Our situation will also change in around two years so in the long-term we should be able to give them a better environment but the short term is a problem. Is there a better solution to this that I'm just missing? We don't want to get rid of these dogs, we love them and they're like our family. We just want to do what's best for them.
posted by blue_bicycle to Pets & Animals (17 answers total)
Are there any dog daycares or dogwalkers available near the ranch? That would almost certainly be cheaper and less of a hassle than breaking the lease on a NYC apartment.
posted by treblemaker at 7:54 PM on September 26, 2012

No, this is a remote location. The nearest big town (with more than a post office in it) is 50 miles away and has no such services. If dog daycare or dog walkers were available we'd use them in a heart beat, but they are not.
posted by blue_bicycle at 8:07 PM on September 26, 2012

Is there any possibility of having someone adopt the pups until your situation changes? This is sort of heart breaking....
posted by HuronBob at 8:16 PM on September 26, 2012 [1 favorite]

You say the dogs are well-trained? Is it at all likely that another local rancher would like a couple of working dogs around during the day? Kind of like how Google rents their lawn eating livestock out, only in this case the guy/gal wouldn't have to pay.

What about organizations that do service work for hospitals, schools, etc? A Canine Good Citizen cert isn't tough to get, and I know that many of the animals visiting the hospital my aunt works for aren't actually owned by the handler bringing them in.

Perhaps you and your husband could contact a breed rescue organization and set up a co-ownership or fostering situation. One of the breeders our family is friends with regularly fosters dogs on a long-term basis for a variety of reasons--illness, death, short term employment/deployment out of the country, etc. Their interest is in dog happiness and they generally have strict requirements for foster families, and not all of them require you to surrender a dog, particularly if you are paying for food, vet care, etc.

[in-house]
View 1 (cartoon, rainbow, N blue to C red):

posted by xyzzy at 8:16 PM on September 26, 2012 [10 favorites]

Is your husband moving to a different ranch where he's able to work with the dogs a possibility? The management change must be pretty bad for the managers to not allow trained working dogs to be with the cowboys.
posted by quince at 8:18 PM on September 26, 2012 [2 favorites]

Has your husband tried talking with the new managers? Perhaps explaining the use function that the dogs provide, and offering contact information for folks who have seen the dogs out with your husband before, would make a compelling case for why he could continue to bring them out on the job.
posted by phunniemee at 8:18 PM on September 26, 2012

You could see if your local purebred rescue organizations would do a short-term fostering situation.
posted by availablelight at 8:21 PM on September 26, 2012